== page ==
See more from this Session: Phosphorus and Carbon Losses From Soil
Tuesday, November 2, 2010: 9:00 AM
Hyatt Regency Long Beach, Seaview Ballroom C, First Floor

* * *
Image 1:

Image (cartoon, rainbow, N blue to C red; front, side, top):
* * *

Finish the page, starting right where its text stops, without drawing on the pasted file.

Soil phosphorus (P) loss has been historically believed through pathways of surface runoff and erosion. However, recent studies have increasingly evidenced that sub-surface runoff or title drainage can account for 22 to 98% of the total soil P loss. Partition of soil P loss between tile drainage and surface runoff is a function of tile spacing, but the optimum tile spacing can vary with soil types. Particular P often plays an important role in soil P loss in tile drainage water, followed by the dissolved reactive P. Variation of P loss in tile drainage water, including seasonality, magnitude, and relative importance to total soil P loss, is significant. Factors affecting P form distribution and their concentrations and magnitudes of loss in tile water can include those (soil, weather, crop, management practices) that are eventually related to soil P status (i.e. degree of P saturation, solubility), dispersibility, and hydrological properties (i.e. porosity and size distribution, amount of discharge and flow rate). This review paper will discus the up-to-date research findings by using case studies that have been conducted in large field plots equipped with most advanced auto-sampling and monitoring systems.